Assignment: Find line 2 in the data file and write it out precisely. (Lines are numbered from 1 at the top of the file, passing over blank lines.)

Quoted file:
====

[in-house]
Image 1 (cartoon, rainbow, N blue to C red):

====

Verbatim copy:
Image 1 (cartoon, rainbow, N blue to C red):